We are mindful that in some cases there is an express understanding with or commitment to the seller of the goods that the buyer will undertake those advertising and promotion efforts and in some of those cases there will be a defined target expenditure therefor. In other cases, the buyer does not make an express commitment to the seller to spend a specific amount for such activities. In the latter case, there may be a requirement “to use best efforts” to promote and grow the business. Such a commitment may be inferred when there is a specific sales target imposed on the buyer, and the buyer will not be able to meet those sales targets without expenditures for AMP.

It should be clear that no difference in treatment on dutiable status should be accorded the advertising and promotion expenditures of the buyer between express or implied commitments. In other words, there is no relevance to the fact that the seller may demand such expenditures. Such undertakings and such expenditures of the buyer are equally “on the buyer’s own account.”

Payments to Seller vs. Third Party

There is a question about the possible difference in effect between a payment for AMP expenses made to the seller and a payment made to a third party. Of course, to qualify under the PAPP the payment must be to or for the benefit of the seller AND the payment must be for the imported goods. The mere fact that a payment is made to the seller is not dispositive. Even in the United States, with the broadly stated Generra rule, all payments to the seller are only presumptively dutiable. That presumption may be rebutted by a showing that the payment is not for the imported goods.

In the case of Canada, a jurisdiction with a close focus on post-importation payments to the seller, we have another approach. One of their recently re-issued “D-Memos” speaks to this topic and, apropos our discussion, there is a separate discussion at Appendix B on AMP expenses paid directly to the seller. Such payments may be deemed nondutiable, but the buyer must be prepared to show that the payment was for what Canada terms “justified services.” In other words, the buyer must show that the payment really was for AMP costs and that the amount paid tallies with the value of the services received. In most jurisdictions, the burden of proof on these matters of customs valuation will lie with the importer, so this is not surprising. To proceed to an easy case, if the buyer paid an amount for AMP expenses but no AMP services were provided in fact, then it might be safe to conclude that the payment might be dutiable. But that would be wrong. The very definition of the PAPP presupposes that the payments to the seller cannot be “free floating” or not tied back to the goods. They must be “for the imported goods” and be tied back in some way to those specific imported products. In the case of Canada, we find that they will press for dutiable status even if there is no such tie, which appears to contradict the nature of the PAPP:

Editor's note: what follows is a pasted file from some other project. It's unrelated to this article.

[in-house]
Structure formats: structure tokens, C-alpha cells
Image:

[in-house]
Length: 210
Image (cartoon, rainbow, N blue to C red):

A corporate head office may provide marketing and promotional services for a vast array of products which are distributed through subsidiaries worldwide, each marketing specific, unrelated products, unique to their locations. The Canadian subsidiary may be required to contribute a lump sum or percentage of the earnings on imported goods, which were sold in Canada, to the marketing branch of the corporate head office. If the marketing fee charged cannot be related to the specific product(s), which are imported and sold in Canada, then the fees cannot be identified as legitimate services the Canadian subsidiary received. Accordingly, this type of marketing or promotional fees would be found to be an addition to the price paid or payable. [Emphasis added.]